Introduction to session
Image: Singing Bowl Media
Source: Museum Victoria
That’s My Story
The Building Bridges through Interfaith Dialogue in Schools Program (‘Building Bridges’ for short) was initiated in 2004 by the Rev. Dr Tim McCowan through the WellSpring Centre. It began with three Melbourne faith-based secondary schools: Bialik College, Carey Baptist Grammar School, and King Khalid Islamic College (now called Australian International Academy - Coburg Campus). In 2009, the program involved 23 schools across metropolitan Melbourne.
The Building Bridges program aims to help secondary students of different faiths, religions, cultures and values in Years 10 and 11 to build bridges of trust, understanding and friendship. This is done through experiential learning of key skills of dialogue. Students share in relations-building games, a vegetarian meal and the recounting of personal life experiences in small facilitated groups over six sessions through the year. These create a foundation to negotiate, respect and engage with each other’s differences and commonalities, which are important qualities for future leaders of any country.
To listen to another’s life story is to be trusted with something precious. As we listen, we easily connect with the incidents, feelings and responses of the story-teller, as well as become intrigued by their differences. In this way, we discover our common humanity – that behind our visible physical differences, we are humans with similar hopes and dreams, joys and struggles, gifts and flaws. We learn that we are more alike than different, which reminds us that we share a common human story, which is ‘our’ story.
Tim McCowan* talks about Building Bridges
The catalyst for Building Bridges was an interfaith dialogue series I facilitated at the WellSpring Centre in 2002. This series of programs involved adult lay practitioners of different religious traditions sharing their personal journey of faith, including the experiences that had shaped their lives.
‘That’s my story! That’s just like what happened to me!’ This was my spontaneous response as I listened to a young man speak of his experiences of encountering God whilst away with friends interstate. And many others that night felt exactly like me.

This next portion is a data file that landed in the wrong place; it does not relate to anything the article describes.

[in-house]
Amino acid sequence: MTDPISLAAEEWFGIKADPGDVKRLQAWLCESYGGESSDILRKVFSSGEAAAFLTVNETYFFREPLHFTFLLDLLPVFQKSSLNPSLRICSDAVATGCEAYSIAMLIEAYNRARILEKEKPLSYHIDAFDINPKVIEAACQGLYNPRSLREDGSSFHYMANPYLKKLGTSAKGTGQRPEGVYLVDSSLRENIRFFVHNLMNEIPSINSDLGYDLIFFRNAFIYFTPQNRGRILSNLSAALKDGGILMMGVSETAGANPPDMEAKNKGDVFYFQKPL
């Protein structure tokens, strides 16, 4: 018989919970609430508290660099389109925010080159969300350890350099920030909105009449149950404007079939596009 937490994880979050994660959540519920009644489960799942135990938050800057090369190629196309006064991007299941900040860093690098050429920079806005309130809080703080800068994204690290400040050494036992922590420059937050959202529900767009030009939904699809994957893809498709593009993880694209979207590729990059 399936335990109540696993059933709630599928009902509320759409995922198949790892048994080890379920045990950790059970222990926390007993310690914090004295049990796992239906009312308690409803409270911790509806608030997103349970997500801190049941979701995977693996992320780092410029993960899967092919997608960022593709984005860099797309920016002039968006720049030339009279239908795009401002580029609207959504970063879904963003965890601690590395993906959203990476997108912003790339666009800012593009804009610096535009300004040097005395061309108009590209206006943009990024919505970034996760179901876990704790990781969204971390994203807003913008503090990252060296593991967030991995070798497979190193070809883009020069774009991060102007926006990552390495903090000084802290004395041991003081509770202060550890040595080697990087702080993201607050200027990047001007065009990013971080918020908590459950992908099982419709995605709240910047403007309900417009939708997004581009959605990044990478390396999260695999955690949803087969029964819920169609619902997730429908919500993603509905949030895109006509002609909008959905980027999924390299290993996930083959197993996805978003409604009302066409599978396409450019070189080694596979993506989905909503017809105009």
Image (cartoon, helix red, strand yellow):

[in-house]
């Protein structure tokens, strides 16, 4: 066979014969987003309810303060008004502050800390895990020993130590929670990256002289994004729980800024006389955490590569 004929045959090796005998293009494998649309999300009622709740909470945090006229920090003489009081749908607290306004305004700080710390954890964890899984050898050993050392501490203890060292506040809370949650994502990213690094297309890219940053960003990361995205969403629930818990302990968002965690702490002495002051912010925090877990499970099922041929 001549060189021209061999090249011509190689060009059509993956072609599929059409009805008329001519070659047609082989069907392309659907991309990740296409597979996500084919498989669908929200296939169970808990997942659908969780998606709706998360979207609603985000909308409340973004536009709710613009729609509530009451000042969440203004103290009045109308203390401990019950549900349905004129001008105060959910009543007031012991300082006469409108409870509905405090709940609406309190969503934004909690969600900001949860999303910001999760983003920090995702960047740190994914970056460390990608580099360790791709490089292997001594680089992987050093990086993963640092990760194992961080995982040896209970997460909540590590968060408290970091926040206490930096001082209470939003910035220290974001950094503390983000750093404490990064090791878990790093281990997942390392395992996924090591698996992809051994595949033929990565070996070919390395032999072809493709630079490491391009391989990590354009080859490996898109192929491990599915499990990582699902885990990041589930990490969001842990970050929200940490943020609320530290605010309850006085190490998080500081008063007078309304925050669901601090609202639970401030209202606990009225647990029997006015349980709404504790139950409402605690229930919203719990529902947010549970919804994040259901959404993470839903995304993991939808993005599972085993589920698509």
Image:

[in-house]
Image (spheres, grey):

This young Muslim man told of how he had awoken early one morning and felt a desire to go into the lounge and be quiet and still for a while. As he sat quietly, he became overwhelmed with a sense of love that enveloped his whole being. He attributed this experience to the presence of God, so he bowed low to the floor in gratitude and surrender. This proved to be an important turning point in his life, and so powerful that he still struggled to articulate this experience even several years later.
As I listened to his story, it resonated so strongly with my Christian story, that I was shocked! It immediately reminded me of my own experience of being overwhelmed by a love that I also attributed to God, in my own journey of faith several years before. Like him, I was also moved to silence and prayer and struggled to put words around the amazing experience that unfolded within me. That experience created a bridge of understanding and trust between us, a bridge formed out of our common experience. It helped all of us to discover each other as fellow pilgrims on a journey of faith, attempting to make meaning from the varied experiences in our lives.
Peter Bentley, the Director of WellSpring, and I then began to dream of inviting secondary students to experience this truth for themselves, through engaging in this approach to interfaith dialogue. We wondered what effect it might have on their futures and ours.
The Building Bridges program is the result.
* Dr Tim McCowan is the WellSpring Centre's Director of Reconciliation.